Background: Although pernicious anaemia is an established risk factor for stomach cancer, data by anatomical subsite are not available. Moreover, a previous suggestion of a link to increased risk of oesophageal cancer needs further exploration.
Methods: We followed 21 265 patients hospitalised for pernicious anaemia in Sweden from 1965 to 1999 for an average of 7.1 years. Standardised incidence ratio (SIR) adjusted for sex, age, and calendar year was used to estimate relative risk, using the Swedish nationwide cancer incidence rates as reference.
Results: Significant excess risks for squamous cell carcinoma of the oesophagus, and stomach cancer distal to the cardia, were observed in pernicious anaemia patients (SIR 3.3 (95% confidence interval (CI) 2.4–4.4); SIR 2.4 (95% CI 2.1–2.7), respectively). The excess risks increased with increasing follow up duration. Among distal stomach cancers, the most conspicuous excess risk was for carcinoid tumours (SIR 26.4 (95% CI 14.8–43.5)). Compared with the general population, no significant increased risk was observed for adenocarcinoma of the oesophagus (SIR 1.7 (95% CI 0.7–3.4)) or gastric cardia (SIR 1.2 (95%CI 0.6–2.0)).
Conclusions: Achlorhydria following type A atrophic gastritis is associated with an elevated risk of adenocarcinoma of the non-cardia stomach, and surprisingly, with a risk of oesophageal squamous cell carcinoma. In contrast, no significant association, either positive or negative, was found with oesophageal or cardia adeoncarcinoma. The mechanism for the observed increased risk of oesophageal squamous cell carcinoma warrants further study.
- pernicious anaemia
- oesophageal cancer
- stomach cancer
- SIR, standardised incidence ratio
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Pernicious anaemia is the end stage of type A atrophic gastritis influencing the fundus and body of the stomach.1 The lesion may persist for 20–30 years before a clinical diagnosis of pernicious anaemia is made. An increased risk of stomach cancer among pernicious anaemia patients has been observed in several cohort studies.2–5 There is also a suggested excess of oesophageal cancer among these patients,3 but this observation needs to be verified in a larger study. Accumulating data indicate that the aetiology of oesophageal adenocarcinoma is different from that of oesophageal squamous cell carcinoma, and gastric cardia adenocarcinoma has risk factors that are distinct from those for non-cardia stomach adenocarcinoma.6 Gastro-oesophageal reflux has been reported to be an important risk factor for oesophageal adenocarcinoma and, to a lesser extent, for cardia cancer.7–9 However, it remains unclear which substance in the refluxate plays a crucial role in carcinogenesis of these cancers.10 If gastric acid is carcinogenic to the mucosa of the gastro-oesophageal junction, achlorhydria in pernicious anaemia should be followed by a decreased risk of these cancers. The observed inverse association between Helicobacter pylori infection and risk of oesophageal adenocarcinoma has been tentatively attributed to H pylori induced atrophic gastritis and hypochlorhydria.11 The risk of adenocarcinoma in the gastro-oesophageal junction in patients with long term achlorhydria has however not been investigated in previous studies.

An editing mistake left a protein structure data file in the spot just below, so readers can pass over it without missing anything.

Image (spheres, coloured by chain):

We conducted a register based retrospective cohort study to estimate the risk of oesophageal cancer by histology and risk of stomach cancer by anatomical subsite, among patients hospitalised for pernicious anaemia.
The record linkage methodology used here has been described in detail elsewhere.12 The Swedish Inpatient Register contains data on essentially all inhospital care in the population covered by the registration. It started in 1964–65 and has covered all of Sweden since 1987. We identified a total of 31 027 unique national registration numbers (unique identifiers assigned to all Swedish residents) which were registered at least once with a discharge diagnosis of pernicious anaemia (1965–68, Swedish revised ICD-7=290.00, 290.10; 1969–1986, revised ICD-8=281.00, 281.09; 1987–96, revised ICD-9=281A; 1997–99, revised ICD-10=D159, D510). This cohort was linked to the nationwide Register of Causes of Death to identify the date of death, and to the Emigration Register to identify the date of emigration. Cancer prevalence at entry and incidence during follow up were ascertained in the Swedish Cancer Register, founded in 1958 and estimated to be 98% complete.13 Through additional linkage to the Total Population Register, we excluded 181 records with erroneous national registration numbers, not identifiable in any of the aforementioned registers. We also excluded 3745 patients with prevalent cancers at the time of entry as we included only first primary cancers in this study. To minimise the impact of possible selection bias, we excluded the first year of observation after the index hospitalisation in all analyses. We thus excluded 3907 patients who were followed for less than one year. We excluded a further 1626 patients who died during the index hospitalisation, 77 patients with inconsistencies uncovered during record linkages, and 174 patients who had gastric resection surgery before entry. As childhood pernicious anaemia is more likely to be caused by genetic disorders that result in lack of intrinsic factor or defective intrinsic factor than atrophic gastritis,1 52 patients who had a diagnosis of pernicious anaemia before the age of 20 years were also excluded. Finally, a total of 21 265 patients, 8442 men and 12 823 women, remained for further analysis.